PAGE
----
Saturday, November 21, 2009

MAYA Tutorial - Dynamics and Special Effects


Dynamics in Maya can be applied to objects using rigid-body or soft-body settings. With simple dynamics, also known as rigid-body dynamics. You can use NURBS or polygonal objects in dynamics simulations, but you must consider the objects' surface directions.Objects that interact can be active or passive. Passive objects, although they can be keyframe-animated, remain stationary; they can cause collisions , but aren't affected by them. Objects that are going to react to collisions must be set to active. You can switch an active object to passive and vice versa by setting the Active attribute in the Channel Box to on or off. You can also use Maya's Dynamics mode to simulate reality in how objects behave—for example, animating the way bowling pins react when struck with a bowling ball.
Soft Body Dynamics
Soft-body dynamics are handled in Maya by creating a set of particles that surround the object and influence it. When these particles collide with something or are moved by fields, the connected geometry moves with them. This is ideal for creating effects that mimic cloth and organic flexible materials. To get a realistic response, you must add goals or springs. Goals give the object a target shape to move toward, like a rubber squeeze toy that un-squeezes back to its original shape. Alternatively, springs add a lattice of tensioned springs throughout the geometry, like adding a box spring of rigidity to the object.

Creating a Soft-Body System

Any polygonal or NURBS object can be made into a soft body .You usually make an object soft with Bodies > Create Soft Body> option box, and then determine whether the object simply becomes soft or is duplicated to keep the original object as a goal. Normally, you choose the latter method so that the soft body tries to configure itself back to the shape of the original object. In either case, the object is then soft, but doesn't collide with other objects in the same manner as with rigid-body dynamics.
Soft /Rigid Bodies > Create Soft Body >
Sets the options when creating a soft body.
Make Soft

Converts the object to a soft body.

Adding Springs

When the object must be more resilient than a soft cloth, you can add the Springs attribute to give the object a kind of support structure. This attribute creates a virtual spring object between each particle. Wire Walk Length setting. parameter connects springs not only between a particle and its neighbor, but also the neighbor's neighbor, and so forth. The default setting is 2.
Active and Passive Bodies
Objects that interact can be active or passive. Passive objects, although they can be keyframe-animated, remain stationary; they can cause collisions but aren't affected by them. Objects that are going to react to collisions must be set to active. You can switch an active object to passive and vice versa by setting the Active attribute in the Channel Box to on or off.
You can set values for Initial Velocity and Initial Spin for active objects .
Fig8-1 Dynamics settings for active rigid bodies
Fields are localized or global forces that act on objects. You can simulate the motion of natural forces with dynamics fields.Fields have their own icons in a scene, so it's easier to select them if you want to animate a field or change its attributes. These fields are included with Maya.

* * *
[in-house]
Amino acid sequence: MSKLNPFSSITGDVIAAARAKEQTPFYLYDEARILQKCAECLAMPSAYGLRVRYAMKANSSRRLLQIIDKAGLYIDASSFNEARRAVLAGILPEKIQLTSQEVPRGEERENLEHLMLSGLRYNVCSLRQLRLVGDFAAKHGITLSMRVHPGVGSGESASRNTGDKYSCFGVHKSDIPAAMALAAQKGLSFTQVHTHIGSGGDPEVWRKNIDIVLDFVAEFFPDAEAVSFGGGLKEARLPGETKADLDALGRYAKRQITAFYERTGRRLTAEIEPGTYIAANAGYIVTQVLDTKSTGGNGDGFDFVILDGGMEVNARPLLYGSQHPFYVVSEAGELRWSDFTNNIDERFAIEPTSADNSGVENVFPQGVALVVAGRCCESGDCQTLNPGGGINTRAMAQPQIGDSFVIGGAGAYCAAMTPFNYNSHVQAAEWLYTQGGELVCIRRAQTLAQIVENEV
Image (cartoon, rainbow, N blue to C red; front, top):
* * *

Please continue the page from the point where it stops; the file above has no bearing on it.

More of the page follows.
Stand-alone fields influence objects from a stationary or moving position in the workspace. It's not owned by geometry.
Object Field are owned by an object and exert influence from the object. You can add fields to polygons, Nurbs curves or surfaces, particle objects, lattices or curves on the surface.
Volume Fields You can select a volume to define the region in space in which particles are affected.
The following fields are included with Maya:
  • Air An air field simulates the effects of moving air. The objects you connect to the air field accelerate or decelerate so their velocities match that of the air as the animation plays. A "push" type of field, it comes with presets for Wind, Wake, and Fan.

  • Drag a field that slows the momentum over time of objects within its reach. A drag field exerts a friction or braking force on an object that's animated with dynamic motion.

  • Gravity The most commonly used field, it causes objects to move and accelerate in a given direction. You can limit its reach to create localized gravity fields. It simulates the Earth's gravitational force.

  • Newton Similar to gravity, but operates in a spherical manner. A newton field pulls object towards it. Objects are attracted to Newton fields more strongly depending on their mass and their distance from the Newton field.

  • Radial A radial field pushes objects away or pulls them toward itself, like a magnet. Like the Newton field, but it doesn't take mass into account. It can be set to diminish with distance, as with the Gravity and Air fields, and it can be set to push or pull.

  • Turbulence Makes the object's motion or deformations more random. Turbulence is usually applied to soft bodies or particles to create the impression of wind or waves.

  • Uniform A field that pushes objects in a specified direction. Like the Gravity field, but without the progressive acceleration that Gravity includes.

  • Vortex A kind of rotating gravity, the Vortex field pulls objects in a spiraling motion that's centered on the field's icon. Often used to create galaxies, whirlpools, or tornados with particle systems.

  • Volume Axis A complex field that lets you specify a volume shape (cube, sphere, cylinder, cone, or torus) and then create effects that work within the shape. You can use the Volume axis field to create effects such as particles flowing around obstacles ,solar flares, mushroom clouds, explosions, tornadoes, and rocket exhaust.


Constraints are used to restrict an object's motion. After you apply constraints, they are connected to the object they're associated with. Maya includes the following constraints:
  • Nail Ties an object to a point in the scene. The object behaves as though it's tethered by a solid rod, but it can orbit anywhere around the tie point as it collides with objects or is affected by fields. You can not use a Nail constraint on a passive rigid body.
  • Pin This type of constraint requires two objects that are tied together to a separate pivot point. You can use a pin constraint to create effects such as link in a chain or robotic arm.
  • Hinge As the name implies, you get free rotation constrained to an axis. You can make active objects hinge to a point in space, to another active object, or to a passive object.
  • Spring This constraint is similar to the Nail constraint, but it also has a telescoping characteristic that allows it to extend its length. As with the Hinge, you can use the Spring to tie an active object to another active object, to a passive object, or to a point in space.